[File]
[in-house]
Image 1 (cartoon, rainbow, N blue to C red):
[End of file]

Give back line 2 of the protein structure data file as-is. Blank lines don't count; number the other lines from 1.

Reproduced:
Image 1 (cartoon, rainbow, N blue to C red):